CHENNAI: Anand* was turned away from seven hospitals in Chennai on Saturday while trying to admit his 89-year-old grandfather. By evening, his grandfather, who was maintaining an oxygen saturation (SpO2) of just 65 per cent, had passed away. As the number of fresh Covid- 19 cases has increased more than 30 folds in just two months, Chennai and other districts in TN are beginning to face the pinch of oxygen shortage.
Over the last couple of days, there is a rise in the number of oxygen-requiring patients being sent away from hospitals. Rahul*, who admitted his Covid-19 positive uncle in a private hospital in Tambaram, learned that his uncle’s condition had worsened during the course of the day. “As he started developing breathing difficulties, doctors advised that he needed to be shifted to an ICU outside,” he said.
The hospital he was at, neither has an ICU nor a bed with oxygen facilities. Rahul is concerned as frantic calls to other hospitals are leading to dead ends and he awaits a meaningful lead from 104 volunteers. The crunch is felt severely in smaller hospitals. Many of these facilities have limited resources and fall even shorter on backup supplies.
When oxygen levels dip to reserve quantities, they warn patients to find better facilities. This happens, particularly because small hospitals, which do not have an inhouse oxygen plant, are at the whim of manufacturers and suppliers who transport it erratically. Saptharishi, a volunteer with Chennai Cares, told Express that a patient he helped was asked to move to a hospital with better oxygen facilities at 1 am on Saturday. “The patient’s vitals had declined suddenly.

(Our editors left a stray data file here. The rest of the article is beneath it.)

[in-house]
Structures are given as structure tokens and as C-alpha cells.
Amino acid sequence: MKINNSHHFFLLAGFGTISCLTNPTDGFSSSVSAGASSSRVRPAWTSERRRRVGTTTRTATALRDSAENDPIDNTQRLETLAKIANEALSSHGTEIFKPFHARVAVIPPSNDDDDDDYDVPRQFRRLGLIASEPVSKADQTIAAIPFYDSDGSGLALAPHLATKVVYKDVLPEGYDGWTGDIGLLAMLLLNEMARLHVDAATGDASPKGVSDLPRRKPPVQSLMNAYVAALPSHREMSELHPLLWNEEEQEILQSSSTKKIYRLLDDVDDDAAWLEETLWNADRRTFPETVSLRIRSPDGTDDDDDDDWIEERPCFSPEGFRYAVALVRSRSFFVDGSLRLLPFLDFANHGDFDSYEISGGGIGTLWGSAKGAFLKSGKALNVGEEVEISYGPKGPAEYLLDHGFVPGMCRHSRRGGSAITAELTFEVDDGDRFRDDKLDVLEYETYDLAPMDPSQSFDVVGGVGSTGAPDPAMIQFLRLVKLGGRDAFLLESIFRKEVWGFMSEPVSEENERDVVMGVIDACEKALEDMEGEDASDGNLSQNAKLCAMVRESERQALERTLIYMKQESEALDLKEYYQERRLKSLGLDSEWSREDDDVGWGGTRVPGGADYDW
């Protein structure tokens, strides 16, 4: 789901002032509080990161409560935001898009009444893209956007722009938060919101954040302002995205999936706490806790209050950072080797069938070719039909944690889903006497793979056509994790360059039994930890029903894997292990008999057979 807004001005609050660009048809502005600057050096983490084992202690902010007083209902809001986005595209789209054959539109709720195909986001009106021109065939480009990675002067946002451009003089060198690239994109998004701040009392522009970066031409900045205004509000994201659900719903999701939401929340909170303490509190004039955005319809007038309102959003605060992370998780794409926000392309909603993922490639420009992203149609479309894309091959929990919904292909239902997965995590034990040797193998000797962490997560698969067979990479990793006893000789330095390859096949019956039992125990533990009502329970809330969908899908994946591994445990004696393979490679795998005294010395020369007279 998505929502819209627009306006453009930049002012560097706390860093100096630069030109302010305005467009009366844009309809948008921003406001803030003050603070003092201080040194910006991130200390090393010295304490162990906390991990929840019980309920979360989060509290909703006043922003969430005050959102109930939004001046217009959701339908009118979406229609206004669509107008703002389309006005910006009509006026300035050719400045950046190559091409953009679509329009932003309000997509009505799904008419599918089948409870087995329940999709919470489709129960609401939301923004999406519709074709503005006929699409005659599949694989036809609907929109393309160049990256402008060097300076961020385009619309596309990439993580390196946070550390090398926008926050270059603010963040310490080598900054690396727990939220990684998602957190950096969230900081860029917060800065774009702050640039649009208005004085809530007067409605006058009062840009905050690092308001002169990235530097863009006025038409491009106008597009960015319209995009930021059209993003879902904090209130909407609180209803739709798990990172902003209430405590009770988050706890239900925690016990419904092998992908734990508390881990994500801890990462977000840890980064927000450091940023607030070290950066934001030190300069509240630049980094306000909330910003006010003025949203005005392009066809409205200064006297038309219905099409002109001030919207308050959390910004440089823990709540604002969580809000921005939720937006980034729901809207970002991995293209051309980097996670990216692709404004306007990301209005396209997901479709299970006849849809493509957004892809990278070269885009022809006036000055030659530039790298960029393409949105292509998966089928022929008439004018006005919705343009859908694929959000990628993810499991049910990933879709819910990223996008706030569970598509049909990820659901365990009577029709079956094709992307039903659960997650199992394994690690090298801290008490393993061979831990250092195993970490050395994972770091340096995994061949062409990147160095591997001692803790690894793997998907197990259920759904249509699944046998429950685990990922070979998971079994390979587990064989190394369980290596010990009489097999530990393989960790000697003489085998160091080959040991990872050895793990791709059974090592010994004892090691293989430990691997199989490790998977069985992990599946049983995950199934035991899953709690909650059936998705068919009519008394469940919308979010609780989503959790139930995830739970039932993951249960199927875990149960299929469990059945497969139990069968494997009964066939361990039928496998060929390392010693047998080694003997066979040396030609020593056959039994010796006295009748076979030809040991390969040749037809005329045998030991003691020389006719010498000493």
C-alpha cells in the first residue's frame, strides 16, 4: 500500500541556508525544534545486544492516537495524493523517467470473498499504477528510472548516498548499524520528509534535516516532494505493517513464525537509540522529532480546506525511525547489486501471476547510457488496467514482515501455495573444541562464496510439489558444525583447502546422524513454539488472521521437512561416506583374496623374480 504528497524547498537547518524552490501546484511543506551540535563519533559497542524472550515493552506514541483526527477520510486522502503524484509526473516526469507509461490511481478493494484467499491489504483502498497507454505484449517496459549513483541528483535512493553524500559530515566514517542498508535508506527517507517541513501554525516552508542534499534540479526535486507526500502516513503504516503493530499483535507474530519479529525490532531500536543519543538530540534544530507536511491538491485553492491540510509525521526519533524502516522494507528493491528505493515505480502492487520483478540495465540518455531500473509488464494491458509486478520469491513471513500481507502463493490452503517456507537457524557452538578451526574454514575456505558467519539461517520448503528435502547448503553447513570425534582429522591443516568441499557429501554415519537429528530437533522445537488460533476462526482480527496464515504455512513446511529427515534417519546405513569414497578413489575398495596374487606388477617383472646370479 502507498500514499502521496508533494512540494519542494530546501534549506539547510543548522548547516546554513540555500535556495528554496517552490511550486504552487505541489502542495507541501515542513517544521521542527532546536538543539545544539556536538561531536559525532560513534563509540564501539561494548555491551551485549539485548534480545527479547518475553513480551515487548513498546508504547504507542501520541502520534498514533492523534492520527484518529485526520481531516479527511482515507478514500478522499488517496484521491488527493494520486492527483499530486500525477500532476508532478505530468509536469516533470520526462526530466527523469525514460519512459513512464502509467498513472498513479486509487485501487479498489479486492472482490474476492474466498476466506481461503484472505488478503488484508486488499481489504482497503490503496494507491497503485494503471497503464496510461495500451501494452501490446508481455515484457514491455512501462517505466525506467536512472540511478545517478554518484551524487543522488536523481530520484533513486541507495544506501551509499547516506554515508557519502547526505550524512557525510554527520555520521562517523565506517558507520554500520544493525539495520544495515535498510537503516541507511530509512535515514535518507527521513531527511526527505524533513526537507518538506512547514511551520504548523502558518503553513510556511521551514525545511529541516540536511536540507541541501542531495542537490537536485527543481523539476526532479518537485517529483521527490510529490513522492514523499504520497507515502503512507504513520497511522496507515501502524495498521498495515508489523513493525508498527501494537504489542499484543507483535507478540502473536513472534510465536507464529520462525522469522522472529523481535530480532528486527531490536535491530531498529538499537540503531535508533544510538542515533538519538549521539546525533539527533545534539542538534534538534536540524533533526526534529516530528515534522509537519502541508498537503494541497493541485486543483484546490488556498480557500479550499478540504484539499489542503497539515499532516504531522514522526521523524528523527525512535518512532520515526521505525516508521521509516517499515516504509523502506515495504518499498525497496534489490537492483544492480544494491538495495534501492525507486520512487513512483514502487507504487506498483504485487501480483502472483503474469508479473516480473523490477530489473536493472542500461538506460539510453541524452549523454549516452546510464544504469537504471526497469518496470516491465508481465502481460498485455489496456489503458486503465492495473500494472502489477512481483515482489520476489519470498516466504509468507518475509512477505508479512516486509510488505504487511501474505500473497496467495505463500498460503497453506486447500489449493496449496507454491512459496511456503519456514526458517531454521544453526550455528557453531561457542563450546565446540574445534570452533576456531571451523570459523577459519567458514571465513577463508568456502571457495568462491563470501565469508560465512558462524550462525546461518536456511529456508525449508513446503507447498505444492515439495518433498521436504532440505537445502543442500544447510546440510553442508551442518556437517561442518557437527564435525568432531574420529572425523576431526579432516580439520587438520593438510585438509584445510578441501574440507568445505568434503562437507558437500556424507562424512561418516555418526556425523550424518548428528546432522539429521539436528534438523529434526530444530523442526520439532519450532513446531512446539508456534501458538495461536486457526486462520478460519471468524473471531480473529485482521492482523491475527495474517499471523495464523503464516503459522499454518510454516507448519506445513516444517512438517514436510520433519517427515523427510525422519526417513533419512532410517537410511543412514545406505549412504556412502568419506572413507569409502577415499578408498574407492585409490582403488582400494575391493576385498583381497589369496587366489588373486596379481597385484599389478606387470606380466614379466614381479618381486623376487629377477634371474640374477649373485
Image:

The hospital was already running on reserve facilities and did not want to take a risk,” he said. While emphasising that it is too early to draw a trend, Saptharishi said hospitals are looking to shift out patients who require a higher flow of oxygen as they deplete the supply more rapidly.
Archana Shekar, another Chennai-based volunteer, told Express people are reaching a point where they have no option but to turn to government facilities. “Small hospitals are turning people away as they have limited supply and large ones are over-confident about their resources until they run out; and then give a short notice for patients to shift out.” *Names changed